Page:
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Preview: Tales from the Evil Empire

Tales from the Evil Empire



Bertrand Le Roy's blog



 



Orchard Harvest 2017–Orchard Core CMS

Wed, 22 Feb 2017 21:57:12 GMT

For the last presentation of the day, Sébastien explained what Orchard Core is all about. Orchard Core runs on ASP.NET Core, and as a consequence is leaner, faster, and cross-platform. One big change is that its content is persisted as documents instead of relational tables.

Other differences include:

  • The admin theme is now a setting.
  • The content item editor has a new live preview feature, content editor, an flow part that largely replaces the layout feature of Orchard 1. The whole thing is responsive and easy to work with.
  • A navigation is one single content item, with its hierarchy persisted as a single document. This is very fast, but preserves the extensibility of Orchard 1: menu items are still themselves content items, it’s just that they are persisted all together in the containing menu content item’s document. This also helps versioning the menu as a whole, as well as efficiently caching it.
  • The order of parts in type definitions is easier to change.
  • There are named parts.
  • Blogs are just lists of blog posts.
  • Tokens are input into Handlebar templates (for example in Autoroute).
  • The widget editor supports drag and drop between zones, and has an undo button.
  • Widgets can be used in “flow pages”, in which case their editor is displayed inline in the content item editor.
  • Recipes can have dynamic values and define variables. They are also JSON documents.
  • It’s crazy fast. 15ms to render a blog with widgets without caching on a laptop in Debug mode under load (2000 rps). This is way faster than Orchard 1 with caching on.
  • Creating and setting up a new tenant is instantaneous. So is enabling a module.
  • Memory usage: tenants are lazily loaded on their first requests, and 500 tenants fit in 2GB on a 64 bit machine.

Migrating data will not be trivial, and will have to go through import/export. Migrating modules should be easy. Modules are like a mini-MVC application, much like in Orchard 1.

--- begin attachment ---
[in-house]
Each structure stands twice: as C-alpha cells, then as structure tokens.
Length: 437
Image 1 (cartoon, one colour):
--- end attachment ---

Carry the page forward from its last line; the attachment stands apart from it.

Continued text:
You can follow the progress on https://github.com/OrchardCMS/Orchard2/wiki/Roadmap

It’s also a great time to start contributing!




Orchard Harvest 2017–YesSql

Wed, 22 Feb 2017 19:01:00 GMT

Sébastien Ros gave a surprise demo of YesSql, the document database interface over relational databases that powers Orchard Core’s data access. YesSql stores plain objects into documents stored on a relational database. It supports SQL Server, MySql, Postgre, Sqlite, LightningDB, and in-memory. YesSql also allows for querying those objects using queryable indexes. Those indexes are projections of documents into structured tables, that only exist for the purpose of being queried.

YesSql supports map indexes that map one document to one or more index records, and map-reduce indexes that aggregate documents. For all operations, you create a transactional session from a store object. The store object needs to be initialized once before the database can be used for YesSql. The session can save documents using the Save method, which results in a JSON-serialized record in the database. Known classes, as well as anonymous objects can be persisted.

When fetching documents, it’s possible to get a dynamic object when the type is not known. If you know the type, you can GetAsync(id).

An index is built by deriving from IndexProvider. The Describe method defines the mapping from the type T to another type that derives from MapIndex, and has properties that will get serialized as individual columns of the index table in the database. That table can then be queried in rich manners by calling QueryAsync(), that can then be chained with Where, OrderBy, and other Linq extensions.

When building an index, it’s possible to pre-filter documents, which means that there is no runtime cost to filtering when the conditions are known in advance.

It’s also possible to perform joined queries between several indexes.

Map/reduce indexes can first do a Map, then usually a Group, and finally compute some aggregate values over the group in Reduce. There is an optional Delete method that describes how to update an index in case of document deletion, to avoid having to re-compute the whole index.

All indexes are automatically maintained.